Yesterday's State of the Union address clearly demonstrates one of the most basic, non-intuitive aspects of Sun Tzu's Warrior's Rules: that small moves are more powerful than larger ones ([node:content/strategic-principle-day-55-small-steps-are-more-certain-and-powerful link]). After President Obama spoke for 70 minutes on a wide variety of issue, what most people are talking about today is the two second response by Justice Alioto, shaking his head and mouthing "Not true."
We can all agree that conflict is wasteful. But what if the competitor starts the conflict? If their attack produces a dissipating situation, you have said that there is no good defense and that the correct response is to attack what the competitor values. Doesn't this escalate into the conflict we wish to avoid? How do we actually avoid conflict (or wars of attrition) if attacked? Is this what has happened between Google and Microsoft? Regardless of how this battle began, how can either side defend properly against further attack?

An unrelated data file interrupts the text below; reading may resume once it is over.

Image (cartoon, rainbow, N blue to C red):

Everyday, we read articles on the business battle between Google and Microsoft (click here for today's installment). This battle illustrates the elements of the most common strategic mistake: the waste of resources on attacking opponents ([node:content/313-conflict-cost link]) instead of working on pursuing opportunities ([node:content/32-opportunity-creation link]).